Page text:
Opinion | Michigan shouldn’t scrap arts requirement for high school

Ryan Shaw is an assistant professor of music education at Michigan State University

Two new bills introduced in the Michigan House of Representatives, HB 4269 and 4270, are set to scrap the one credit arts requirement for Michigan high school students. This should not happen. We should speak up and save the requirement, since Michigan already has weak arts education policy.

This move would also be in direct opposition to the spirit of federal education law and the Michigan Top Ten in Ten initiative that recognize the need for a well-rounded education that includes the arts.

Specifically, the bills would eliminate the required credits in the arts and foreign languages from the Michigan Merit Curriculum, replacing them with a three-credit requirement from courses focused on "21st Century Skills."

The proposed bills would add computer science and computer coding courses, or a combination of the two, and an MDE-approved formal career and technical education (CTE) program (e.g., construction trades, automobile tech) as available options for students to meet the "21st Century Skills" three-credit requirement.

On first read, this may sound technical and harmless. After all, isn’t flexibility good? But it really goes to the purpose of K-12 schooling and revives an age-old debate: Is K-12 education about experiencing a broad, rich curriculum or should it focus on vocational training and job readiness? If certain classes are optional, does this mean they’re seen as less valuable than those that are required?   

Currently, Michigan high school students must complete credits across different areas as part of the Michigan Merit Curriculum (for example, four credits in English language arts, three3 credits in science). Since 2006, all Michigan students are required to take one credit in the visual, performing, or applied arts. Additionally, students (beginning with the class of 2016) must complete two credits of a foreign language. An important note: while individual districts may require additional credits, the Michigan Merit Curriculum provides minimum numbers.

The evidence we have suggests these required credits in the arts matter for ensuring art education experiences in schools. When the arts were included as a core subject under the federal GOALS 2000 legislation in the late 1990s, states began to require the arts  as part of high school graduation requirements (44 states and the district of Columbia now require arts credits for graduation. There’s a trickle-down effect on a more local level, too. When a state requires the arts, districts employ more certified arts educators and offer a more robust variety of arts courses.

The needed flexibility for students and schools has always been present, too.

The current arts requirement includes the applied arts, which can incorporate industrial technology courses. Also, even with the requirements in place, students have been able to modify requirements as part of a “personal curriculum” if they choose. Finally, we also know that at least 12 percent of high schools in 2012 weren’t complying with the arts requirement of the Michigan Merit Curriculum. Put simply, the Michigan Merit Curriculum and its arts requirement are not cumbersome or keeping students from job training programs.

If these bills pass, students could opt to take three credits of computer coding, or three credits of foreign language, or three credits in a CTE program. They could even take three arts credits. So what’s the problem?

The proposed bills are problematic for Michigan students for several reasons.

First, they would likely diminish or potentially eliminate arts opportunities. Students who might not normally take an arts course probably wouldn’t, thereby missing out on the valuable experiences one gains in the arts. More troubling is the prospect of schools deciding not to offer arts courses at all. If a school can focus electives only on CTE education and computer coding, especially when these programs are commonly supported by private grants or run at the intermediate school district (ISD) level, wouldn’t they do so?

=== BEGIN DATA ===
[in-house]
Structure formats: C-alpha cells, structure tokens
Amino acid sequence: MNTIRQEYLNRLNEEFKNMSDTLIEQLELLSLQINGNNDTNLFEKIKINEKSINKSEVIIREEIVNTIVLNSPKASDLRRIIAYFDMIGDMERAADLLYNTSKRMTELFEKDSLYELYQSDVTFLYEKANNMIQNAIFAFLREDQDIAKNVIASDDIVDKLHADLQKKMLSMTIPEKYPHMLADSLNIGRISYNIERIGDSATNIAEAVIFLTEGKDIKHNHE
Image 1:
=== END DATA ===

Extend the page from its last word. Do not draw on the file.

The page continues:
Second, putting the arts into a pool of “21st Century Skills” courses sets up a false equivalency among curricular experiences. When the State Board of Education approved the arts requirement, it stated an important goal for all students: “The goal of the visual, performing, and applied arts credit guidelines is to ensure that all students have a foundation and experience in the complete artistic/creative process.”

This process, the board noted, is non-linear and requires that the student explore possibilities, thinking divergently to solve problems. Put simply, this artistic process is not fulfilled by foreign language courses, computer coding or CTE classes, but is integral to arts disciplines.

Michigan has relatively weak arts education policies. We are one of only a handful of states that does not require elementary school arts experiences, does not require the arts in middle school, and allows classroom teachers without arts training to teach the arts in primary grades. Let’s keep the one credit arts requirement — it’s a bright spot that ensures all students in Michigan learn the valuable lessons offered by a rich curriculum.

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Comments

Matt
Fri, 05/24/2019 - 8:15am

The list of "necessary" knowledge is long and forever growing. Civics, Algebra, American history, foreign language, personal finance, family health, shop and home ec ..... etc etc! Everyone thinks their own thing is incredibly necessary, and sure they are important, but where does it stop??? This only eats up all available time for that thing that any given kid may really want to pursue - STOP IT!!

Robyn A Tonkin
Tue, 07/09/2019 - 12:00pm

I don't know how old you are Matt, but I am 65, and all of this stuff was taught to me in grade school and high school in the 1960's and 1970's. What do kids really want to pursue? How do you know? How do they know? They only know through exposure to everything, and through that, their natural inclinations and talents will emerge. I was exposed to science and history, and also to glee club, orchestra and wonderful art classes. I remember art classes that I had in 4th grade. Those musical experiences and artistic explorations led to a lifetime of personally enriching creativity, that enhanced my life and the lives of my child and husband, and now, grandson. Isn't that was childhood education is supposed to be about, in a free and supportive society, like we (supposedly) have? Giving us tools for lifelong success in many avenues of life?
I also graduated from the University of Michigan with a degree in Natural Resources, major in Forestry. So the science and math did kick in as my "life work" emphasis. Life is more than your job, you know. Or don't you know. I wish you could try life 200 years ago. Back then, girls learned how to sew, but not read. boys followed the arduous family trade of farming, or they were apprenticed to a tradesman, and usually were semi literate, at best. There were no choices, only the predestination of the class into which you were born. Would you be more content with the "meanest sort", as ordinary people were called by the gentry, in those days, having nothing ahead of them but endless work, and death? Have you ever considered time travel? Maybe you would have found that you were born a landed aristocrat. but I doubt it. I think you would be tired with your predestined lot in 5 minutes.